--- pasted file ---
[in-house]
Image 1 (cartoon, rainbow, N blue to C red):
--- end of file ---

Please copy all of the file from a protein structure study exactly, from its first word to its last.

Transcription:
[in-house]
Image 1 (cartoon, rainbow, N blue to C red):